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Take a stroll through the Englewood neighborhood in the South Side of Chicago and you'll encounter abandoned homes in various states of disrepair. Artist Tonika Lewis Johnson found herself wondering exactly how these lots came to be and her research brought her to Land Sale Contracts, made popular in the 1950s and 60s when Black homeowners were shut out of the traditional homebuying market. Offered what were essentially "rent-to-own" contracts for getting into their first homes, these deals included excessive monthly payments, and ownership was never actually transferred. “What happened during this crucial era, that of the making of America’s mass white middle class during the long postwar economic boom, was a systematic, legally sanctioned plunder of black wealth,” to the tune of over $3.2 billion.

Tonika began her research during a project entitled, “Folded Map,” which looked at Chicago’s historic segregation “and presented a possible way for us to disrupt it." From there, she started mapping out the individual homes and the people who were impacted by the LSC's, eventually creating her latest work, Inequity for Sale, an artistic, virtual, and physical exploration of homes sold on Land Sale Contracts, demonstrating how legalized theft in the past directly contributed to present inequity in Black communities. The multi-disciplinary project includes ten life-sized land markers in front of a selection of homes, a website documenting the homes and stories of residents, a podcast, and a virtual walking tour that connects this history with present-day conditions.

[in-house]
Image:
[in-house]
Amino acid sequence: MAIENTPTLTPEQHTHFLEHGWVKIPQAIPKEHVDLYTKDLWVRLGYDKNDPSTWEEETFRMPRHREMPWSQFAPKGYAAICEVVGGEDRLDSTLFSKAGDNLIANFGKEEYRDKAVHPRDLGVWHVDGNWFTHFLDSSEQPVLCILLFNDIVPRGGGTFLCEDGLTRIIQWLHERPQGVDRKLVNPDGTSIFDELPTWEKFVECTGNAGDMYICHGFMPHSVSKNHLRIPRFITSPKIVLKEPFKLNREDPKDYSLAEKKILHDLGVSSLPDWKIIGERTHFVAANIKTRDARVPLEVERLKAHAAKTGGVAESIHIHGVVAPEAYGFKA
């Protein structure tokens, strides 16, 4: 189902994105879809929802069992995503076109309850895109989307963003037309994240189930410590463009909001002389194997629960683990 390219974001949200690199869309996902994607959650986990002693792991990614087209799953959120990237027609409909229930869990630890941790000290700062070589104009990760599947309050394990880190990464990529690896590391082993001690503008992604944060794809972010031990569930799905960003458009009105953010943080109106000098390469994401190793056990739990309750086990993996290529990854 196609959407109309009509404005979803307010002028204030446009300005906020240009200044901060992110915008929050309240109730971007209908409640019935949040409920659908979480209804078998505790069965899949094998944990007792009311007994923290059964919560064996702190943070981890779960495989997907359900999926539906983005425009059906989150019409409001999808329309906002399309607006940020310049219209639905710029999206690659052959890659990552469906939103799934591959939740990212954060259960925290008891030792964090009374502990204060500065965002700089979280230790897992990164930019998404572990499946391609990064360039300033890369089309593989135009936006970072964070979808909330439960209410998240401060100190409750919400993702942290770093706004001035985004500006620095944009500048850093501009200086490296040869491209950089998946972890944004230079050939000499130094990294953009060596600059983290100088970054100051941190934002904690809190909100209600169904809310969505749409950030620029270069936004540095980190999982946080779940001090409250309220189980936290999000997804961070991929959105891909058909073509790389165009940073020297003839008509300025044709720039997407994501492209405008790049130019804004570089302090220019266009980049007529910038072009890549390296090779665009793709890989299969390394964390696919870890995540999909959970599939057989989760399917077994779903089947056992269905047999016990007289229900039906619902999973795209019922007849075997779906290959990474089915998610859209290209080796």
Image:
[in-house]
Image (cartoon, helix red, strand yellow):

My goal with this project is to map the evidence of historic legalized theft in Greater Englewood and engage the public in action-oriented conversations that ultimately bring this unresolved crime to justice.


Along with bringing these injustices to the forefront, Lewis Johnson plans to campaign for a collection of the homes to become an official City landmark. Her goal beyond that is to purchase one of the homes to convert into a community art center that can host a permanent exhibition for her Folded Map project. Photography from her Inequality for Sale project will be on view at Weinberg Newton Gallery from April 29th through July 19th, as part of Key Change, a group exhibition that explores a range of artistic interpretations on housing as an emotional, speculative, and even legal experience. To learn more about Tonika and her important work in support of the BLack community, visit

Photograph of an abandoned home with a yellow sign in front reading "This Home Was Legally Stolen from a Black Resident"
Image courtesy Weinberg/Newton Gallery


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